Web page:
Displaced Syrian orphan 'shockingly' abused by grandparents, taken to hospital

Displaced Syrian orphan 'shockingly' abused by grandparents, taken to hospital
3 min read
19 May, 2022
Six-year-old orphan Maram Assaf was found with her hands and feet tied near a camp for the displaced in northern Syria, after allegedly being abused by her step-grandmother.
Six-year-old Maram's weight is around that of a child half her age, according to her doctor [Getty]

A displaced child found tied up outside of her grandfather’s shelter in northern Syria has been taken to hospital as NGOs call for better child protection services in the area.

Six-year-old Maram Assaf was found with her hands and feet tied near the Jabal Al-Zawiya camp by Hamdu Hamadi Sheikh, a civilian from the nearby Salah Al-Deen Al-Ayoubi camp as he was working, his camp’s manager Abu Ayman and local journalist Adnan al-Imami told The New Arab.

Authorities took the young girl to the Bab Al-Hawa hospital after being made aware of her situation, according to medics.

“She shows clear signs of having suffered child abuse and a lack of nutrition… her weight is around that of a three-year-old and she has bruises all over her body and rope tie marks on her hands,” one of Assaf’s doctors, Mahmood Kadah, told The New Arab.

"However after being given the appropriate care, her condition is good and stable overall," Kadah continued. "She has just started to eat and drink in a promising way."

Assaf – whose parents died in Russian shelling during the Syrian war – was living with her grandfather and his wife, who allegedly tied her up and abused her, according to al-Imami and Abu Ayman.

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Doctors have not yet disclosed where Maram will stay following her release. Abu-Ayman says his camp will willingly open its doors to the young child.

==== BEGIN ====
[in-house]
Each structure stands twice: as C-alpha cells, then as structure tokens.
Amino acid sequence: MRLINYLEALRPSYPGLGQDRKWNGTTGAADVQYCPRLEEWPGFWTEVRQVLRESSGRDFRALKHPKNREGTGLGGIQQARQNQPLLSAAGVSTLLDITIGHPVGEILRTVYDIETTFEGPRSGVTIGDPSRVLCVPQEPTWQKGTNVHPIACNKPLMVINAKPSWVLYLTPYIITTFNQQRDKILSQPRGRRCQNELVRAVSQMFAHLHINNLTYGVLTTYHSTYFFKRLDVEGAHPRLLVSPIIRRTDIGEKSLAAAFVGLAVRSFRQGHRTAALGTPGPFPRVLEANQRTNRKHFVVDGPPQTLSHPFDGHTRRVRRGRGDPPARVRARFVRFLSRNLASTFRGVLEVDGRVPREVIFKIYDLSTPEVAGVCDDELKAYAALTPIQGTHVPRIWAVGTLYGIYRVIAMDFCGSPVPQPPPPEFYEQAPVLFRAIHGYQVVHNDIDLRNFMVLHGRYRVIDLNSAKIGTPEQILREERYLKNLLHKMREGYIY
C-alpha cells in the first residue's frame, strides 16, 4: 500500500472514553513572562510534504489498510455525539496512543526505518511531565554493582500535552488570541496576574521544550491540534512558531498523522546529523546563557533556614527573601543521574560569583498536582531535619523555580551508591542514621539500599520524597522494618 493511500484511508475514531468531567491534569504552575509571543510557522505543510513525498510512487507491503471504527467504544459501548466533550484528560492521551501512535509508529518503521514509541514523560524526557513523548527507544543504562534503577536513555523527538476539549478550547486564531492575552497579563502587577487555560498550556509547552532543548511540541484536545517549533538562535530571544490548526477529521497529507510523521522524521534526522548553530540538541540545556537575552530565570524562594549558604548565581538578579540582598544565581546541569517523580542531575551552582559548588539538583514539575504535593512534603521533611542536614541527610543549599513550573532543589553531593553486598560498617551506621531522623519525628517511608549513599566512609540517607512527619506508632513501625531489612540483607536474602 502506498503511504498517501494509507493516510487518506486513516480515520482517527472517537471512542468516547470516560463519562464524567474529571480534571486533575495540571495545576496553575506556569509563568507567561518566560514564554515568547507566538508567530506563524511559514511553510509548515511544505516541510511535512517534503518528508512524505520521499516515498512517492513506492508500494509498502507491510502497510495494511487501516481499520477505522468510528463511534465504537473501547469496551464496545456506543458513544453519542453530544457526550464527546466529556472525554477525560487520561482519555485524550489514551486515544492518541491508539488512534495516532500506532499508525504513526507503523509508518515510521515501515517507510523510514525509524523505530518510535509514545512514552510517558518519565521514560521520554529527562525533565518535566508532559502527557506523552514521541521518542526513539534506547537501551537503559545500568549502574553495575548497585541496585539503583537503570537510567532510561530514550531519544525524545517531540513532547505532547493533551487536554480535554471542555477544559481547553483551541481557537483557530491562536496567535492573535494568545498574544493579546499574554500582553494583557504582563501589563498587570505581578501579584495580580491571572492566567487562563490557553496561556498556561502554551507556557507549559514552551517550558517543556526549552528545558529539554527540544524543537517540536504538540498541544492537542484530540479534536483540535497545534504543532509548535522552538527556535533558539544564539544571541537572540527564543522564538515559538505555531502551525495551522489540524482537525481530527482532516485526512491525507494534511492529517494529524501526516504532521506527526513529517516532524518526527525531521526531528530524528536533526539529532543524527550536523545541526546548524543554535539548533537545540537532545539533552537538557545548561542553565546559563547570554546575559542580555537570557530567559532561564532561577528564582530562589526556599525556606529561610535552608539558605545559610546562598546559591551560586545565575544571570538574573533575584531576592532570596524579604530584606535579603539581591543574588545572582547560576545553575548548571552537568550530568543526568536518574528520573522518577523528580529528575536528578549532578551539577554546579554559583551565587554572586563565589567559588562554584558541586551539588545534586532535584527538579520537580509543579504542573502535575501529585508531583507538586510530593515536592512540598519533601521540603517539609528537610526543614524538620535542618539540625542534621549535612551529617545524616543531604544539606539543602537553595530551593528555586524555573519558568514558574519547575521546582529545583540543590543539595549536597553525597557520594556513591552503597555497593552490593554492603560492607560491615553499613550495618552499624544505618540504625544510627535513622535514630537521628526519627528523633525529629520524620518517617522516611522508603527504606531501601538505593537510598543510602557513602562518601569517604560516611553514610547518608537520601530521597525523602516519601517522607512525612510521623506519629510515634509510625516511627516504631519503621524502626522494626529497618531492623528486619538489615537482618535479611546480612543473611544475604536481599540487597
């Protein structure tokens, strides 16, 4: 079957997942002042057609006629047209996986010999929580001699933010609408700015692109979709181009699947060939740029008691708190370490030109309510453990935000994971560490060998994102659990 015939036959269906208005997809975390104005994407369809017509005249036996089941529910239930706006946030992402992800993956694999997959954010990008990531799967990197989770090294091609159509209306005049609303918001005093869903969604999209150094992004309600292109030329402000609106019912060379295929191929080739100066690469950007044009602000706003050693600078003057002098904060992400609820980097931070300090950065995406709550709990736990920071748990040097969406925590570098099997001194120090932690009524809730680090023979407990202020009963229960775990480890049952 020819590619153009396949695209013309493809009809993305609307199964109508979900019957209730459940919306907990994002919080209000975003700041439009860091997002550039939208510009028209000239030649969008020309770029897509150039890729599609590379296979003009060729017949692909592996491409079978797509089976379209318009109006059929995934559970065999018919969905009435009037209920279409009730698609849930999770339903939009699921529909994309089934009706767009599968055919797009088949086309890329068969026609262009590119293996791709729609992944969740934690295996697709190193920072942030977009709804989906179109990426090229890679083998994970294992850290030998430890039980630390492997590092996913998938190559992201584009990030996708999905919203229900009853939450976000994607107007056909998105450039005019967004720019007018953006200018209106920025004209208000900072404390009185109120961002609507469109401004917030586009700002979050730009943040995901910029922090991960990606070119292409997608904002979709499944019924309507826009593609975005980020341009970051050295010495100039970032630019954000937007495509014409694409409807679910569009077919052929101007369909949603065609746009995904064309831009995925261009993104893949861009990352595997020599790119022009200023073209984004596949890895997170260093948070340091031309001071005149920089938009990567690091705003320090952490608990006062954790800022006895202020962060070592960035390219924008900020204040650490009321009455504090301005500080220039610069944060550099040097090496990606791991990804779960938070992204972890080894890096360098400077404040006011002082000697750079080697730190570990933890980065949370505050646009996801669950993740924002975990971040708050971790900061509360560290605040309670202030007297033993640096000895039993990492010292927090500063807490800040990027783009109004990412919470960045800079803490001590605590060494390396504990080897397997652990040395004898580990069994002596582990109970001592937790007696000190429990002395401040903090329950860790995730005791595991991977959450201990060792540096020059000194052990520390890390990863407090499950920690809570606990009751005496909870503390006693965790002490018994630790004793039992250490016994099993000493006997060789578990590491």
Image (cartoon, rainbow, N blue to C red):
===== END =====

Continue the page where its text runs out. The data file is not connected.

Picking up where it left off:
The Syrian Civil Defence – otherwise known as the White Helmets – are also closely following the case “to see any way in which we are able to help”. 

“We are in contact with organisations that provide children with care, we won’t leave [Maram] until we are sure she is ok and in a safe place,” Mousa Zidane, media coordinator for the White Helmets told The New Arab.

Zidane highlighted there have been similar cases of child abuse across northern Syria in recent years, some of which have resulted in the death of the child.

Kathryn Achilles, Advocacy, Media and Communications Director for NGO Save the Children's Syria response office told The New Arab that the international community needs to do more to protect children like Maram.

"Northwest Syria remains an incredibly difficult place to be a child... the international community needs to better support and fund child protection services... in this area in order to help protect children from neglect and abuse."